The Incredible Hulk (DVD)

A quick trawl around the web will bring up a lot of passion as far as the Incredible Hulk is concerned. That's passion as in fanboys, of course, rather than the sort of passion the internet's particularly famous for but, frankly, there's probably some Hulk-themed erotica out there somewhere. The angry, green, super-strong alter-ego of Bruce Banner has clearly touched a lot of people.

The Incredible Hulk

So, before we get too far, I should point out a couple of things. I've never actually read the Marvel comic. I really didn't like the 1970s series. And I'm in the minority as I actually quite liked Ang Lee's 2003 Hulk. That will no doubt make some fanboys make the sign of the cross or something, or prompt a load of hate mail. So be it. All I can comment on is how this new Hulk movie stands up as a slice of entertainment. And the answer to that is “satisfactorily”. It's a pedal-to-the-metal thriller that generally manages to balance the interesting character angle — Banner's fear of who he becomes — with the traditional summer blockbuster levels of collateral damage. I realise that much has been written about the quality, or otherwise, of this CGI Hulk and some will no doubt rip it to pieces. From my perspective — from my unbiased perspective, in fact — I'll just say that he's a huge, green, radiation-induced, musclebound freak: just how “realistic” do you expect him to bleeding look?

Perhaps sensibly, given the backlash against Ang Lee's more serious, Eric Bana starring, character-driven study, Louis Leterrier focuses on chases and battles rather than spending an hour establishing the back story. Indeed, the whole Hulk “legend” is covered by the opening credits, then there's some 10 minutes of set-up — Banner (Norton) is still on the run and working in a Brazilian soft drinks factory — before we're full pelt into the first clash between the Hulk / Banner (Norton) and a team of crack soldiers led by General Ross (Hurt) and, in particular, his “guest star” Royal Marine turbo-nutter Blonsky (Roth, rather more subdued than normal), who's willing to seek chemical solutions to the Hulk problem.

The film follows the same formula throughout: a little bit of character development and exposition, followed by a huge action set piece. As such, it feels a little, well, predictable. However, while the structure is conventional (it's probably called “post-Spiderman superhero formula number two” or something), it works well enough and Leterrier still manages to have a little fun, from the cameos (Stan Lee, obviously, TV Hulk Ferrigno and, well, an uncredited guest star to hint at the nature of the sequel) to Banner's attempts to blend into Brazil, learning Portuguese from Sesame Street. This leads to a delightful throwaway gag, when Banner confuses his vocabulary and tells an obnoxious colleague: “Don't make me hungry. You wouldn't like me when I'm hungry.”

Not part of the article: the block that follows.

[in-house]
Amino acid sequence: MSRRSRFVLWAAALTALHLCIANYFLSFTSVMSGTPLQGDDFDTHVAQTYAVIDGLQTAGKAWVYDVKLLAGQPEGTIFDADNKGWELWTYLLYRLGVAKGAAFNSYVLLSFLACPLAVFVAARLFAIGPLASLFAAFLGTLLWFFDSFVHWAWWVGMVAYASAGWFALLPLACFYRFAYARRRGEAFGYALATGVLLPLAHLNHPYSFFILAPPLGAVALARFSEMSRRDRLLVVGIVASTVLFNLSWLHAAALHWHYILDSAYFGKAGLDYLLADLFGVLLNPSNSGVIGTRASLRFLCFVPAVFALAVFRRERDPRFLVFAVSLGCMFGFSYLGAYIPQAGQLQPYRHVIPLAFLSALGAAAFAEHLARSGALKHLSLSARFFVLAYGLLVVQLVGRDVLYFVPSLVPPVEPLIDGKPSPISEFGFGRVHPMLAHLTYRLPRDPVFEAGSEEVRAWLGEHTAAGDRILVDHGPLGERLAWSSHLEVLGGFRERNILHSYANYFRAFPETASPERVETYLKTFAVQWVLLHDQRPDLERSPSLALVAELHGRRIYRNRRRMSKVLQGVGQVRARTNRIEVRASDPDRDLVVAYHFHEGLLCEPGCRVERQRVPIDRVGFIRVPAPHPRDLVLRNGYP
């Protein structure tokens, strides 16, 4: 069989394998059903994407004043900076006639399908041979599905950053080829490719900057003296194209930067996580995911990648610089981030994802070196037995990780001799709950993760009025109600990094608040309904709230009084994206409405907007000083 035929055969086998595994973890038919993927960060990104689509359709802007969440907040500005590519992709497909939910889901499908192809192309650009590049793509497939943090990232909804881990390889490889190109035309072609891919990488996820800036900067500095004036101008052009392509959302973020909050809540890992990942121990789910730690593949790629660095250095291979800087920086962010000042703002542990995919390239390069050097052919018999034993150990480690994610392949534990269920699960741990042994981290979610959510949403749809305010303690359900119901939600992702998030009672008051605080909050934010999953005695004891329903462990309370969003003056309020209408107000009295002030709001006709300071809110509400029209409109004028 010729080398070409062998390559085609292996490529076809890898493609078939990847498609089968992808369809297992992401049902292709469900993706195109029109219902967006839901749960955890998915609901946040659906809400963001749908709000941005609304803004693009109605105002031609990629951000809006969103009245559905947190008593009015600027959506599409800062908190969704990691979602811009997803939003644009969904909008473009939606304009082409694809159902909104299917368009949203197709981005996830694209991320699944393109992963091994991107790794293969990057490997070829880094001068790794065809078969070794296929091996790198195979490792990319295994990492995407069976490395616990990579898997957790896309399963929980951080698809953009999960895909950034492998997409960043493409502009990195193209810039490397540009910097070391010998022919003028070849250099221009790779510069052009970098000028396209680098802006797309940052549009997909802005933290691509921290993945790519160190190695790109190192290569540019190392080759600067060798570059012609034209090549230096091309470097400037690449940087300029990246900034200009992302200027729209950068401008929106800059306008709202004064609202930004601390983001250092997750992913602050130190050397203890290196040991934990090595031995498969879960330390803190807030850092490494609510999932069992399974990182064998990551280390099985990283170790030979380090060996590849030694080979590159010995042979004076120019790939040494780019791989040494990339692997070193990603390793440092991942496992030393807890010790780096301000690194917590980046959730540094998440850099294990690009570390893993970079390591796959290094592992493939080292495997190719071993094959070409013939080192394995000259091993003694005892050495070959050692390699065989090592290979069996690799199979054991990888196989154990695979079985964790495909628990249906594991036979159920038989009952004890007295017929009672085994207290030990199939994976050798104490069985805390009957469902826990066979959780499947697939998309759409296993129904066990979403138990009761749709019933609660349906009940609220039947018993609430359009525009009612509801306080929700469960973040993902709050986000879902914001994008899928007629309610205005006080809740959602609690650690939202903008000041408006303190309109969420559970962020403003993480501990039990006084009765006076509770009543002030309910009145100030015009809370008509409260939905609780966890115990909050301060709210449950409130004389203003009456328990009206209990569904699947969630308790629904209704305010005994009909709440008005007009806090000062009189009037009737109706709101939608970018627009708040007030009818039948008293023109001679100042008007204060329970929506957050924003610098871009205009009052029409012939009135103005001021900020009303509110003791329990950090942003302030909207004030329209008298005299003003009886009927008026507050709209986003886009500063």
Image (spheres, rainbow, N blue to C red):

On the downside, the whole scenario with love interest Betty (Tyler) once again feels like a token gesture. Tyler may not be the world's greatest actress, but she's a warmer presence than Jennifer Connelly and could probably cope with more than just looking tearful and caring. But show me someone who goes to see The Incredible Hulk for the romance and I'll show you a... well, a girl. Probably. On the plus side, the Hulk v Army clashes are thrilling and the Hulk v chemically-altered Blonsky, while silly, is gleefully so. Plus you can't underestimate the quality of Norton. He's a much better actor than Bana, and, while he doesn't get much opportunity to flex his thespian chops, he's a very, very solid presence, putting Banner's flaws and (literal) innner turmoil across well in the minimum time he's allowed.

All in all, while it won't set the screen alight, The Incredible Hulk is decently made and unpretentious. It's not perfect, it's not awful, it's just very acceptable escapist entertainment and I'm never going to argue with that.

EXTRAS *** There's an audio commentary with director Leterrier and co-star Roth on the first disc. The second disc has an alternate opening, 23 deleted scenes, and a bunch of featurettes — Becoming The Hulk, Becoming The Abomination, Anatomy fo a Hulk-Out, From Comic Book to Screen and The Making Of Incredible (which, strangely,is "sponsored" by a car company ... Hollywood really is getting desperate for a buck).

Stuart O'Connor is the Managing Editor of Screenjabber, the movie review website he co-founded with Neil Davey far too many years ago. He likes all genres, as long as the film is good (although he does enjoy the occasional bad "guilty pleasure"), and drinks way too much coffee.

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